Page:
Setting a Concrete Standard For Sustainability: A Critical Assessment and Comparative Analysis of the Sustainability Reports and Compliance of the Three Publicly Listed Cement Manufacturing Companies in the Philippines

By Christer James Ray A. Gaudiano*


       The Philippines is abundant with substantial reserves of limestone, one of the main ingredients in the production of cement. Limestone reserves are estimated to last at least one thousand (1,000) years at the present rate of domestic consumption.[1] While this wealth of natural resources presents great potential for domestic cement manufacturing, this is expected to pose a substantial impact on the community and the environment, which necessitating a more sustainable operation.


       Cement is one of the world’s most important building materials. It is a fine powdery substance composed of various minerals that are extracted from the earth, such as limestone (calcium), sand or clay (silicon), bauxite (aluminum), and iron ore, and may include shells, chalk, marl, shale, clay, blast furnace slag, and slate. These raw materials are processed in cement-manufacturing plants and heated to form a rock-hard substance, which is then ground into fine powder. Cement mixed with water causes a chemical reaction and forms a paste that sets and hardens to bind individual structures of building materials.[2] On the other hand, concrete, which is the final product of cement, is the most widely used man-made material in existence. It is second only to water as the most-consumed resource in the world.[3]

The manufacturing of cement products creates a substantial impact on communities, specifically on the social, economic, and environmental aspects. Its effects include emission of airborne polluting agents in the form of dust and gases, noise, and vibration when operating machineries or during blasting in quarry sites.[4].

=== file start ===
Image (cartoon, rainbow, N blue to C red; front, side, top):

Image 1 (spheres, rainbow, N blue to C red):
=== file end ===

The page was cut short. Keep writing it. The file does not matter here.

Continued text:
Accordingly,the production of cement has significant positive and negative impacts.[5] On the positive side, the cement industry has generated employment and business opportunities for the people where the cement-manufacturing companies operate. On the other hand, its negative effects include disturbance to the landscape, dust and noise pollution, and disruption of local biodiversity resulting from quarrying limestone, which is the principal raw material for cement.[6]

       The implementation of the Sustainability Reporting Guidelines of the Securities and Exchange Commission (SEC) for publicly-listed companies will encourage the local cement manufacturers to integrate sustainability in their operations. This paper aims to compare and analyze the submissions and compliance of the three (3) publicly-listed cement companies in the Philippines, namely, Eagle Cement Corporation, Holcim Cement Corporation, and Cemex Holdings Philippines, and to determine whether or not there is a real effort to make their respective operations sustainable for the community and the environment.

* Member (Vol. 50), UST Law Review; Juris Doctor, Faculty of Civil Law, University of Santo Tomas; A.B. Legal Management, University of Santo Tomas; International Master of Laws (LL.M. Cand.), Ateneo de Manila University with specialization in International Business and Corporate Law.  

[1] Cement Manufacturers Association of the Philippines (CEMAP). Position Paper. 04 November 2019. PCC Case No. E-2019-002

[2]Syeda Tahsin Hasan, What is cement? History, Chemistry, Industries. Civil Engineering. (last accessed on 31 October 2020).

[3] Lucy Rodgers, Climate Change: The massive CO2 emitter you may not know about, (last accessed on 31 October 2020).

Narayanan, Subramanian. Environmental and Social Impacts of Cement Industries. LinkedIn, available at (last accessed on 31 October 2020).

[4] Narayanan, Subramanian. Environmental and Social Impacts of Cement Industries. LinkedIn, available at (last accessed on 31 October 2020).

[5]   Id.

[6]   Id.


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